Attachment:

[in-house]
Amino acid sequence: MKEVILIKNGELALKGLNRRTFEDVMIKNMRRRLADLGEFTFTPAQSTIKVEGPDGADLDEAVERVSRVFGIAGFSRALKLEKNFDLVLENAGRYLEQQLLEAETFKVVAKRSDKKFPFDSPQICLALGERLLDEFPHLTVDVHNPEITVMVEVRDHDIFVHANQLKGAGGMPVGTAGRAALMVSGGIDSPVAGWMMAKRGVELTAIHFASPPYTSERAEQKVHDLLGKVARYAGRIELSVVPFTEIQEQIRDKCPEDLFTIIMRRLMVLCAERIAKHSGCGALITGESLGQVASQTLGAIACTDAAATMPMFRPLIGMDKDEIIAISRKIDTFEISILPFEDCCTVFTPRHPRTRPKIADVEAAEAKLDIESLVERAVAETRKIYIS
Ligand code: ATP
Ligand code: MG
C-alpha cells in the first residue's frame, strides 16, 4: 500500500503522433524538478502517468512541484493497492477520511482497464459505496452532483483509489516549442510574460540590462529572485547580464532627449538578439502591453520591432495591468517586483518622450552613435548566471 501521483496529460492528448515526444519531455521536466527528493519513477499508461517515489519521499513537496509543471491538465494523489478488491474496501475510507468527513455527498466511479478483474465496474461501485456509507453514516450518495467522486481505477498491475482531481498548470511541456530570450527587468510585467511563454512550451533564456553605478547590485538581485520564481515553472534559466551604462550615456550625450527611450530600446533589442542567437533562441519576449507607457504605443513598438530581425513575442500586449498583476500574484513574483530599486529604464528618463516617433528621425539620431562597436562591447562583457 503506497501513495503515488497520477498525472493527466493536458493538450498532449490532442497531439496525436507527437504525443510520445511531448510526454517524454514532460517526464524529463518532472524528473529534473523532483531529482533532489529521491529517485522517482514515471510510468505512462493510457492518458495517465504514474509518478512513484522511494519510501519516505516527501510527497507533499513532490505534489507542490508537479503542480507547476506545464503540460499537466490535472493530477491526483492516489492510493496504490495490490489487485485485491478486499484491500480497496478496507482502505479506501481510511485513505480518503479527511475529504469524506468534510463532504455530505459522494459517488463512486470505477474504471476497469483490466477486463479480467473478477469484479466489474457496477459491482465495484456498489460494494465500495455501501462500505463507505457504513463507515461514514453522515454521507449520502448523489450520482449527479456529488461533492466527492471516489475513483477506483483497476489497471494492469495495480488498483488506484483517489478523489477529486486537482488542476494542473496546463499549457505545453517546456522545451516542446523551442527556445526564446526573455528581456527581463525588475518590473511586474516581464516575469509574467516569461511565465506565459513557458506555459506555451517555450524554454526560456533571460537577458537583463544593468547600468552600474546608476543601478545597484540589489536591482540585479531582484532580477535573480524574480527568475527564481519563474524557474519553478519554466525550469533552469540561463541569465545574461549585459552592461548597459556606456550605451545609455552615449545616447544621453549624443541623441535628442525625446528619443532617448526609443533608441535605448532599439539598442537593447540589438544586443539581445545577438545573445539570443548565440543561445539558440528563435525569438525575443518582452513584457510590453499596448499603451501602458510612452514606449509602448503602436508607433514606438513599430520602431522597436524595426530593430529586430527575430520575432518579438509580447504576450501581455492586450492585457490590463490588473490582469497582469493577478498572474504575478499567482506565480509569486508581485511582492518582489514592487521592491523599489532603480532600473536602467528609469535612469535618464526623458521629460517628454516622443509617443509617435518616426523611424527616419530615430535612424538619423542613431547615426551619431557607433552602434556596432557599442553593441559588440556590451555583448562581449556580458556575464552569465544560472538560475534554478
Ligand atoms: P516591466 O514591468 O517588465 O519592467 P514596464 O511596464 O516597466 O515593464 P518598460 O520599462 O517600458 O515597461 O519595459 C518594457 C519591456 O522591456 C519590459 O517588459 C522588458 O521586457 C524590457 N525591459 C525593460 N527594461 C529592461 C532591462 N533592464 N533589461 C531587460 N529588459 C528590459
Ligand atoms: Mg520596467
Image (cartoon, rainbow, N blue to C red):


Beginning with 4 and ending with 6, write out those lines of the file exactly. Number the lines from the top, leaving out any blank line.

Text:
Ligand code: MG
C-alpha cells in the first residue's frame, strides 16, 4: 500500500503522433524538478502517468512541484493497492477520511482497464459505496452532483483509489516549442510574460540590462529572485547580464532627449538578439502591453520591432495591468517586483518622450552613435548566471 501521483496529460492528448515526444519531455521536466527528493519513477499508461517515489519521499513537496509543471491538465494523489478488491474496501475510507468527513455527498466511479478483474465496474461501485456509507453514516450518495467522486481505477498491475482531481498548470511541456530570450527587468510585467511563454512550451533564456553605478547590485538581485520564481515553472534559466551604462550615456550625450527611450530600446533589442542567437533562441519576449507607457504605443513598438530581425513575442500586449498583476500574484513574483530599486529604464528618463516617433528621425539620431562597436562591447562583457 503506497501513495503515488497520477498525472493527466493536458493538450498532449490532442497531439496525436507527437504525443510520445511531448510526454517524454514532460517526464524529463518532472524528473529534473523532483531529482533532489529521491529517485522517482514515471510510468505512462493510457492518458495517465504514474509518478512513484522511494519510501519516505516527501510527497507533499513532490505534489507542490508537479503542480507547476506545464503540460499537466490535472493530477491526483492516489492510493496504490495490490489487485485485491478486499484491500480497496478496507482502505479506501481510511485513505480518503479527511475529504469524506468534510463532504455530505459522494459517488463512486470505477474504471476497469483490466477486463479480467473478477469484479466489474457496477459491482465495484456498489460494494465500495455501501462500505463507505457504513463507515461514514453522515454521507449520502448523489450520482449527479456529488461533492466527492471516489475513483477506483483497476489497471494492469495495480488498483488506484483517489478523489477529486486537482488542476494542473496546463499549457505545453517546456522545451516542446523551442527556445526564446526573455528581456527581463525588475518590473511586474516581464516575469509574467516569461511565465506565459513557458506555459506555451517555450524554454526560456533571460537577458537583463544593468547600468552600474546608476543601478545597484540589489536591482540585479531582484532580477535573480524574480527568475527564481519563474524557474519553478519554466525550469533552469540561463541569465545574461549585459552592461548597459556606456550605451545609455552615449545616447544621453549624443541623441535628442525625446528619443532617448526609443533608441535605448532599439539598442537593447540589438544586443539581445545577438545573445539570443548565440543561445539558440528563435525569438525575443518582452513584457510590453499596448499603451501602458510612452514606449509602448503602436508607433514606438513599430520602431522597436524595426530593430529586430527575430520575432518579438509580447504576450501581455492586450492585457490590463490588473490582469497582469493577478498572474504575478499567482506565480509569486508581485511582492518582489514592487521592491523599489532603480532600473536602467528609469535612469535618464526623458521629460517628454516622443509617443509617435518616426523611424527616419530615430535612424538619423542613431547615426551619431557607433552602434556596432557599442553593441559588440556590451555583448562581449556580458556575464552569465544560472538560475534554478
Ligand atoms: P516591466 O514591468 O517588465 O519592467 P514596464 O511596464 O516597466 O515593464 P518598460 O520599462 O517600458 O515597461 O519595459 C518594457 C519591456 O522591456 C519590459 O517588459 C522588458 O521586457 C524590457 N525591459 C525593460 N527594461 C529592461 C532591462 N533592464 N533589461 C531587460 N529588459 C528590459